Through a series of trades and signings, the Padres have finally found a home for Wil Myers at first base and can try to forget about last season’s ill-fated centerfield experiment. In swapping Jed Gyorko and cash for the Cardinals’ Jon Jay, they obtained a centerfielder who isn’t playing out of position, but who is also not without risk, as he suffered from wrist injuries last year and failed to crack the 80-game mark. Gone is first baseman Yonder Alonso, who failed to meet high expectations, to the A’s in a player swap that, while perhaps slightly tilted in the Padres’ favor, doesn’t really merit too much discussion beyond the fact that it allows them to park Myers at first.
Melvin Upton Jr. is still with the Padres, even if he did bounce back somewhat last season, and his brother Justin is now on the Tigers. To address the issues they had last year at shortstop, the Pads signed 34-year old Alexei Ramirez who is coming off his worst season to date at 1.0 WAR but is also only one year removed from being an All Star.
All in all, there are still a lot of questions, both in terms of health and ability when healthy, especially in the rotation. Most of the moves that San Diego made seemed to be of the lateral variety, with the exception being the moves that smell of “rebuild,” such as the Kimbrel trade. It’s hard to imagine that the Padres are going to fare much better this season than they did last, but at least they restocked the prospect coffers a bit after last season’s craziness.
San Francisco Giants
The Giants went into the offseason with some clear needs. With Tim Hudson, Mike Leake, Tim Lincecum, Ryan Vogelsong, Yusmeiro Petit and Jeremy Affeldt all on expiring contracts, pitching was obvious. Whatever the rumors say, the Giants’ modus operandi these days is to extend their own players, trade for a player midseason and then extend him or, if those fail, grab a player out of the value bin, hope for the best and call it a day.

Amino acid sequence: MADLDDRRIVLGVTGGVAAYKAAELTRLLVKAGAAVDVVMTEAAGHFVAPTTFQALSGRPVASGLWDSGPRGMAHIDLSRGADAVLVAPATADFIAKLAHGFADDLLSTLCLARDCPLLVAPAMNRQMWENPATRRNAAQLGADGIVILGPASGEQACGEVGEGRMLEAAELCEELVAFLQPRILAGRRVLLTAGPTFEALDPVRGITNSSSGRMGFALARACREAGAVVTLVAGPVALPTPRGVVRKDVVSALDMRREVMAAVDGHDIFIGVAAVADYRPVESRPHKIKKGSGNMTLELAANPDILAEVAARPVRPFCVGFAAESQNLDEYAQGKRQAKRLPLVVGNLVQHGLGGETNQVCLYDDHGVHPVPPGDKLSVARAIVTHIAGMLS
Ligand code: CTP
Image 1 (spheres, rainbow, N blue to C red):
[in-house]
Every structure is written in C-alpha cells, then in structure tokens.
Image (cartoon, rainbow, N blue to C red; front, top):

So, it wasn’t surprising that the Giants kept popping up in rumors about David Price and Greinke, nor that they failed to sign either. The surprise came when the Giants’ still made their first foray into big free agent contracts for pitchers since Barry Zito when they signed Jeff Samardzija and Johnny Cueto to five and six-year deals respectively (although Cueto’s comes with an opt-out after two). While Samardzija is coming off an unimpressive season and Cueto had some injury issues last year, both these signings make sense from the Giants’ perspective, even if they carry some degree of risk. The Giants had a lot of money to pitchers coming off the books and they weren’t afraid to spend on these two pitchers. Your mileage may vary, as they could have landed Greinke with that kind of money, but this is a pretty solid ”spread the risk” move.
Although the Giants resolved their pitching situation by mid-December, that didn’t mean they addressed all their needs. With Nori Aoki on the Mariners and fill-ins Marlon Byrd and Alejandro De Aza gone as well, the Giants were looking at an everyday outfield of Gregor Blanco, Angel Pagan and Hunter Pence. For the first time since his first full season in 2008, Hunter Pence failed to break the 150 game mark and barely hit the 50 mark due to injuries. Rather shockingly, Angel Pagan played almost everyday, although he was far from effective and ended up with -1.9 WAR.
In early January, they signed Denard Span to a three-year $31 million guaranteed contract with a 4th year team option. Span had some hip issues and missed the majority of last season, which certainly hurt his value, but he’s been roughly worth 3 WAR per year since he broke into the league. Span should also presumably push Pagan over to left field where he has less of a chance to be a liability on defense.
Other than those moves, there wasn’t too much going on, other than some minor league shuffling. Other than those needs, there wasn’t really much for the Giants to address. They still have the best homegrown infield in baseball and a quietly effective and generally reliable relief core. They saw their needs and addressed them as best they could and are ready for the even year season to start.
The Diamondbacks entered this offseason after flirting with a .500 finish, a far cry from last offseason, where they had just flirted with 100 losses. After Dave Stewart’s first full season as GM, it was obvious that, while Arizona had one of the better offenses in MLB last season, their rotation was clearly holding them back. While it wouldn’t be surprising to see the Diamondbacks go after some pitching upgrades, the manner in which they did so certainly shook things up.